Perugia was an Etruscan city importance as testified by monuments such as the Etruscan Arch, the Marzia gateway, the Etruscan well.
In the II century a.C. the emperor Ottaviano sieged and conquered Perugia declaring it “August Perusia.” After the fall of the Roman empire the city suffered numerous invasions until it constituted a free Commune in the XI century and it was in that period that the city started to assume that urban order, with rich palaces, sculptural works, and paintings of exquisite value, that distinguishes it still today.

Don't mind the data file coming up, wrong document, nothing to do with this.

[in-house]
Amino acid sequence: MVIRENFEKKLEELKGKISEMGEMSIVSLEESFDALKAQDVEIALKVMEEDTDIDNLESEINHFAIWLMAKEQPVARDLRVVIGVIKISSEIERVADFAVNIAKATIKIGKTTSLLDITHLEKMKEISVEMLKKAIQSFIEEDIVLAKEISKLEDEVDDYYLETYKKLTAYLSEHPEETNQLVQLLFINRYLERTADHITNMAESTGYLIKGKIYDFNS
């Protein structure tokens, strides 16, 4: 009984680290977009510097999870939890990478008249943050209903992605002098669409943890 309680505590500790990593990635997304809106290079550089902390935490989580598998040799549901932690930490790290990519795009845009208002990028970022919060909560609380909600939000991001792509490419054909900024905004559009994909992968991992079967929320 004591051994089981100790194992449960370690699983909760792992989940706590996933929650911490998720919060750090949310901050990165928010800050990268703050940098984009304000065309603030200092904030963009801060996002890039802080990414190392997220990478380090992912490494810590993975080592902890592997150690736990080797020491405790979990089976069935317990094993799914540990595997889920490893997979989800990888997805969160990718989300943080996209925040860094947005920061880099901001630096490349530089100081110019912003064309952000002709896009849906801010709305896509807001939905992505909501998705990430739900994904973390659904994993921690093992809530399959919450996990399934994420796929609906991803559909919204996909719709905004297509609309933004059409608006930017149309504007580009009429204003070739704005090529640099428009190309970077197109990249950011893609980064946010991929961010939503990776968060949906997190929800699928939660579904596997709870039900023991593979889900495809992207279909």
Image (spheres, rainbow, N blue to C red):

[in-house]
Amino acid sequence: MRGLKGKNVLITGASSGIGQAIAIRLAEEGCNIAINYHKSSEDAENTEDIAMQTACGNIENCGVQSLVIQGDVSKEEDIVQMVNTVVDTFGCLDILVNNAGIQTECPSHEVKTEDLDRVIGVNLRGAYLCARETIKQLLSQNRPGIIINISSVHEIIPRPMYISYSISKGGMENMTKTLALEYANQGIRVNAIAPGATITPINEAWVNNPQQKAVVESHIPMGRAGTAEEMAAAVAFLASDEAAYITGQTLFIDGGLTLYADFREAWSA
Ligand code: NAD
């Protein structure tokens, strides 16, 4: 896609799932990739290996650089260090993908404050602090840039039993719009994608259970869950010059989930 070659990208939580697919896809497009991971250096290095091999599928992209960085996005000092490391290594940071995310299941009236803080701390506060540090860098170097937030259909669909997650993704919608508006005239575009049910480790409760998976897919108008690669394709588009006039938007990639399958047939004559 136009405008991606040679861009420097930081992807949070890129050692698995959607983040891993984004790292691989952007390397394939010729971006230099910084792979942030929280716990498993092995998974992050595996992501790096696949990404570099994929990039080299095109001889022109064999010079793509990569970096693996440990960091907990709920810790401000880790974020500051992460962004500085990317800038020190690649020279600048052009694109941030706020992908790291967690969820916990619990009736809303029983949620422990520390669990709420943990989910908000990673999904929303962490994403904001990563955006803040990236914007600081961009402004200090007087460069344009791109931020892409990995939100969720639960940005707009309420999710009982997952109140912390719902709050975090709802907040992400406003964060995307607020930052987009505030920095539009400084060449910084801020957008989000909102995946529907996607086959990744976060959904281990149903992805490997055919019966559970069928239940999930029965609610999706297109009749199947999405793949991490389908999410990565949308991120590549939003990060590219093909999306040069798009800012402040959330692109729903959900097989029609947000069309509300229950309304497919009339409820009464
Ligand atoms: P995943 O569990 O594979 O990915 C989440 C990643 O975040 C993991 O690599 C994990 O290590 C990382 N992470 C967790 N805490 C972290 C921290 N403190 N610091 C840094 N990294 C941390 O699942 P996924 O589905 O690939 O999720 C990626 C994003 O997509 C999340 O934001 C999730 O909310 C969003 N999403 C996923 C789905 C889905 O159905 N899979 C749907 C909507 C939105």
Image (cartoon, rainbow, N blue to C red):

During this time the city was frequently divided by feuds among the main families, such as the Michelotti’s, the Piccinino’s, the Fortebraccio’s or the Baglioni. The later prevailed and dominated until 1531, when the bloody “Salt War” erupted.
This war was caused by the pontifical states implementing a new tax on salt. The Vatican winning the war, occupied the city, and the Pope, Paolo III Farnese, to demonstrate the Vatican supremacy built the impressive Rocca Paolina architected by Antonio da Sangallo il Giovane. The rule of the Vatican lasted until 1860, when Perugia became a part of the Italian kingdom.